Understanding hypertension: Causes, symptoms, and risk factors

25 Jun 2024

Whenever you put excessive pressure on something, it starts wearing out. wears out sooner than it’s supposed to. Moreover, when you don’t do anything about the wear and tear, it minimises the possibility of things getting better. This is true for all the parts of our body as well. But today, we will talk about how excessive pressure on your artery walls, something that sounds very meagre, can greatly affect your body. 

Let’s discuss Hypertension, what causes it, what are the symptoms and possible risk factors. 

Ready? Let’s go!

What is blood pressure?

Before talking about Hypertension, let’s first understand what is blood pressure. Your blood pressure is simply the force at which the blood in your body is being pushed through the arteries. 

What is Hypertension?

Hypertension or high blood pressure is when the force at which the blood is being pushed into your arteries is consistently too high. As a result, this not only affects your arteries but your heart also has to work more to pump the blood. It can also lead to many complications such as a stroke or a heart attack. Additionally, if you have narrow arteries, it can create more resistance your blood pressure. 

How do I know if I have Hypertension?

To know whether or not you have high blood pressure, you need to understand the blood pressure ranges. It is usually measured in millimetres of mercury (mm Hg). Blood pressure is divided into 4 categories:

Normal – Below 120/80 mm Hg

Elevated – (top number) 120 to 129 mm Hg and (bottom number) below 80 mm Hg

Stage 1 hypertension – (top number) 130 to 139 mm Hg or (bottom number) between 80 and 89 mm Hg

Stage 2 hypertension – (top number) 140 mm Hg or higher or (bottom number) 90 mm Hg or higher

A blood pressure higher than 180/120 mm Hg comes under a hypertensive emergency case and requires immediate help. 

What could be the Hypertension causes?

Primary Hypertension

Primary hypertension develops over time and most people go through this type of high blood pressure. It is difficult to pinpoint one single cause. A mix of several factors come together to cause Primary Hypertension. These are:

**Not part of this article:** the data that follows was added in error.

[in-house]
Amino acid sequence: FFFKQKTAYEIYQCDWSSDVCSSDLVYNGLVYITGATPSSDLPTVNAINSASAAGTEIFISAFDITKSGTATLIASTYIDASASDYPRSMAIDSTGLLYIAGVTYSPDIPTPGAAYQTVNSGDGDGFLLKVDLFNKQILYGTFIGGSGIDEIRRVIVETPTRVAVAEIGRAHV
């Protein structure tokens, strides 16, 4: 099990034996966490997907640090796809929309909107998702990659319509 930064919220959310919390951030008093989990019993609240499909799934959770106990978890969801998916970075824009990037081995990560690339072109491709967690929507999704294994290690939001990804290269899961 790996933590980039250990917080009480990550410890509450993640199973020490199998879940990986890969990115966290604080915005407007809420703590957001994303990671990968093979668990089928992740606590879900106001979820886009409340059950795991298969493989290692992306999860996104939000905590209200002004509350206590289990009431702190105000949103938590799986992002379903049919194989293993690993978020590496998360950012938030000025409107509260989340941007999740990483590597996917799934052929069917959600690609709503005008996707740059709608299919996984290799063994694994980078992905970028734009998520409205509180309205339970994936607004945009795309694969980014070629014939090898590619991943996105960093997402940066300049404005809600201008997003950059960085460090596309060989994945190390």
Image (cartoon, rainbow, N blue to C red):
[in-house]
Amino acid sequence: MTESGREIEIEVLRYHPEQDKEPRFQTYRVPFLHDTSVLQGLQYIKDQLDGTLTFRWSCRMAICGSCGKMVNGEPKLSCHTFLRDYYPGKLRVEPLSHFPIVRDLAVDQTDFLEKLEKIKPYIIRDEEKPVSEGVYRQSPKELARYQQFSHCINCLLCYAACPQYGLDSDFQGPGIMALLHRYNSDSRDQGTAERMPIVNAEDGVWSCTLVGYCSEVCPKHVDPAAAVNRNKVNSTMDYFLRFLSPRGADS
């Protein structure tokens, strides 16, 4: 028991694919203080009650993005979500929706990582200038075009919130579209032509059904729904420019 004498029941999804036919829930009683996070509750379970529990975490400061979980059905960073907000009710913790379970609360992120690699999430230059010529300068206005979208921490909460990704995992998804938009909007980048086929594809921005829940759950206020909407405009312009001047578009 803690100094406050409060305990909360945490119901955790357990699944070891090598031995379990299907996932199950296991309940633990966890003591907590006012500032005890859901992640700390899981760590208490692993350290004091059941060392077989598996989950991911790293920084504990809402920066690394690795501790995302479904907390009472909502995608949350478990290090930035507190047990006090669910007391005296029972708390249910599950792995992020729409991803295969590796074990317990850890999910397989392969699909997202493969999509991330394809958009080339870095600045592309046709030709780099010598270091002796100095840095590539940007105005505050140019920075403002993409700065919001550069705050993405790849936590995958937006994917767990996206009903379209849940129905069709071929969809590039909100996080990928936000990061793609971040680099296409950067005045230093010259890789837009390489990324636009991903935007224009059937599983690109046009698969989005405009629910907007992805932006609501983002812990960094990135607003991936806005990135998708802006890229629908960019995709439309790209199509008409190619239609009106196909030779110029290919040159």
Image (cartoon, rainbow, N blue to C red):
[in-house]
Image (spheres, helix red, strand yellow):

• Physical inactivity
  • Consuming high alcohol content
  • Poor eating patterns
  • Your genes and age
  • If you’re diagnosed with diabetes or any other metabolic syndrome

Secondary Hypertension

Secondary hypertension occurs quickly and has the potential to become very severe. Unlike primary hypertension, secondary hypertension has at least 1 cause that will stand out to your healthcare professional. These could be:

  • A kidney disease
  • Recreational drug use
  • Having obstructive sleep apnea
  • Consuming tobacco
  • Heart defects
  • Chronic alcohol consumption
  • Endocrine tumors
  • Side effects from certain medicines

What are the hypertension symptoms?

Medically, high blood pressure is also known as a “silent killer”. That’s because you usually see no hypertension symptoms for years. It’s difficult to tell if something is wrong in your body. You could have it for years and still have no clue at all. However, the damage is still happening.

When going through a blood pressure of 180/120 mmHg or higher, the symptoms some people may experience would be:

  • Nosebleeding
  • Heart palpating
  • Headaches

However, these symptoms may still not be visible until the high blood pressure has reached a life-threatening stage.

What are the risks of developing hypertension?

Here are the risks that make you prone to having high blood pressure:

  • Being 55 or above in age
  • Being overweight or obese
  • Having a family history of high blood pressure, heart disease or diabetes
  • Being inactive
  • Consumption of tobacco
  • Consumption of too much alcohol
  • Eating sodium-rich food
  • Having medical conditions like metabolic syndrome, thyroid disease, kidney disease or obstructive sleep apnea

What complications can hypertension lead to?

When the pressure on your artery walls is way too much, your blood vessels and organs end up paying the price. The higher the pressure, the more difficult it is to control it and the damage it causes can lead to multiple complications. Let’s dig into these complications:

  • Heart failure
  • Kidney issues
  • Heart attack/stroke
  • Vision problems
  • Dementia
  • Metabolic syndrome

Be it your friends or your family, never hesitate to lean in for help from your close ones. Remember, professional help is also always around the corner and you’re never all on your own in this journey. You can cultivate a culture of resilience and wellness and empower yourself to live healthily. 

Each day, stay optimistic and determined knowing that with awareness and action, you can overcome any challenge. Here’s to your continued health and vitality. Stay strong, be informed, and continue moving forward in your life’s wellness journey.

About the Author

Medically reviewed by

Dr. Devina Aswal

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